Toronto woman says getting help sometimes means leaving home
Growing up, Shelly Linn Sabean regularly saw her parents using drugs.
Sabean herself eventually developed her own problems with addiction and ended up homeless in Toronto where she's originally from.
"I was dying," she said. "My mom was an addict and she and I used together for a number of years. It was an ok thing. So my mom lived with this disease as well."
Eventually, she met a woman who told her about a rehabilitation program in Sudbury called Iris, now called Monarch Recovery Services.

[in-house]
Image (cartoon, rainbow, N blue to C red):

"I moved up here and didn't know anybody who used," she said. "I even had to detach with love to my mom. That was a lot harder than just dropping drugs."
Sabean says she has relapsed a few times during her recovery.
"I'm on the one who has to live with my relapse," she said.
"I feel for the people who love me. In Toronto, my sister used to watch the news all the time to see if they found a body. She always waited for me to pass away."
She says her path to getting better in Sudbury is working because the workers "love" their clients and care for them.
"It wasn't about being a counsellor," she said. "I've never been to facility like that and it made a difference."
CBC Sudbury has been focusing on the opioid crisis affecting Sudbury and northeastern Ontario in our series called HOOKED. You can read and hear more about this issue online.
With files from Jan Lakes